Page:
The corporate L&D market has been through wrenching change over the last decade. In only 15 years we’ve come from long, page-turning courses to a wide variety of videos, small micro-learning experiences, mobile apps, and intelligent, adaptive learning platforms.
A new marketplace of tools vendors has emerged, most less than five years old, each trying to stake out a new place in the landscape. These includes tools for external content curation, tools to build MOOCs internally, tools to deliver adaptive, micro-learning content, and intelligent tools to help recommend content, assess learning, practice and identify skills gaps.
We know employees badly need these kinds of tools. Employees are pretty overwhelmed at work ,and typically only have 20 minutes a week to set aside for learning. So rather than produce two to three hour “courses” that require page-turning and slow video or animation, we need to offer “learning on-demand” and recommended content just as needed.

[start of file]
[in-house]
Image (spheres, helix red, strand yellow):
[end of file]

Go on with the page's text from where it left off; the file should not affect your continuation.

These changes will disrupt and change the $4 billion-plus for corporate learning management systems (LMS). Companies like IBM, Sears, and Visa are starting to turn off their old systems and build a new generation of learning infrastructure that looks more like a “learning network” and less like a single integrated platform.
more on digital learning in this IMS blog